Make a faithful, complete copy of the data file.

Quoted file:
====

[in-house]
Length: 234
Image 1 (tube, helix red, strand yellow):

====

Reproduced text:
[in-house]
Length: 234
Image 1 (tube, helix red, strand yellow):